Vaka – A proa consists of a vaka, the main canoe-like hull; an ama, the outrigger; and akas, the poles connecting the ama to the vaka. Catamarans and trimarans share the same terminology, with a vakan, ama, and aka.



FOODshed: Art and Agriculture in Action
An exhibition of upstate/downstate NY artists who work with food and agriculture
Curated by Amy Lipton

Smack Mellon, 92 Plymouth Street, Brooklyn, NY 11201

Artists: Joan Bankemper/Black Meadow Barn; EcoArtTech- Leila Nadir + Cary Peppermint; Joy Garnett; Habitat For Artists Collective (Simon Draper, Michael Asbill, Carmen Acuna, Dan McGinley, Brandon Cruz, Jessica Poser); Natalie Jeremijenko; Kristyna and Marek Milde; Peter Nadin/Old Field Farm; Andrea Reynosa, Brooklyn Grange and Alloy; Bonnie Ora Sherk; Jenna Spevack, Susan Leibovitz Steinman/Mona Talbott; Elaine Tin Nyo; Tattfoo Tan, Linda Weintraub

Exhibition Dates: June 7 to July 27, 2014
Artists’ reception: Saturday, June 7, 5pm-8pm


FOODshed: Agriculture and Art in Action focuses on sustainable agriculture, entrepreneurship, and artists' use of food as subject matter or medium. The exhibition and programming include 14 exhibiting artists in the gallery at Smack Mellon, 3 public projects in the nearby DUMBO community, as well as public workshops in collaboration with the artists in the exhibition. The gallery exhibition features artworks and inventive projects around agriculture and food that address farming as both activism and art form. Many of the artists in this exhibition are known for bringing community-specific issues into their work and are exploring the real-world implications of small-scale farming and raising community awareness about our food systems. Their varied practices include growing food, cooking food, raising animals for food, and engaging communities about local food production as well as instigating new artist-based economies.

The artists working in New York State today in the realm of food and farming coincide with a larger cultural awakening regarding the ills of our present system, such as the distances food travels to supermarket shelves and the effects of shipping and transport on climate change. Brooklyn has become the epicenter for food activism and culinary explorations. Artists have joined food activists in focusing on environmental problems such as lack of biodiversity in mono-cultural farms, the loss of top soil and nutrient-poor soil, the abuse and poor conditions of feedlot and factory raised animals, the conversion of farmland into housing, and the waste of un-harvested crops. Artists are now farming, not only to raise their own food in order to become self-reliant and to eat more healthily, but also to offer alternative and sustainable approaches within their local communities.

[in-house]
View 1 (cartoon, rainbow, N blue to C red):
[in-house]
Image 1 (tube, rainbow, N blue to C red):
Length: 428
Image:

For the artists in FOODshed, the acts of cultivation, growing, and by implication educating have evolved to a deeper level of activism where the boundaries of real world and art completely disappear. Their projects present new paradigms regarding the growing, production, distribution and consumption of food. The artists in this exhibition advocate for an organic, regional and local approach, which they are manifesting in their own lives.


NEAKA (New Earth Apocalypse Knowledge Advancement) Unit by artist Tattfoo Tan at Squib Bridge Park/Brooklyn Bridge Park is an aluminum structure in the form of a catamaran. It acts as a symbol for a post-economic meltdown, global warming and Tan’s ongoing social practice project- NEMRE (New Earth Meal-Ready-to-Eat) a dehydrated meal harvested from food waste. Through this project the artist inspires others to practice this ancient food preservation technique.  Dehydration of food can help prepare for future disaster as well as provide nutritious meals, knowing every ingredient and wasting none. The artist will lead a workshop on food dehydration at Smack Mellon.

John Street Pasture is a temporary living earthwork that celebrates green space, agriculture, and the transitional nature of urban land. A planted cover crop of crimson clover will bloom into a lush field of reds and greens all while creating a nutrient rich resource of nitrogenized soil for the now under-construction John Street section of Brooklyn Bridge Park. John Street Pasture is located at 1 John Street and is a collaboration of Andrea Reynosa, Brooklyn Grange and Alloy.

Brooklyn-based artist team Kristyna and Marek Milde will present À la cart, a 2-part project at Smack Mellon and at the Pearl Street Triangle in DUMBO.  À la cart, a temporary vegetable garden, uses shopping carts, soil and plants, to create a participatory, edible workshop experiment. The gallery serves as a base for the project, “a garden shack”, presentation platform and hub for gathering and talks on food and sustainability. The Mildes invited members of the DUMBO community to join the project and grow ingredients in the shopping carts for a single dish. The participants are tending, watering, harvesting and later cooking the vegetables, to actively experience the process of growing food instead of shopping for it.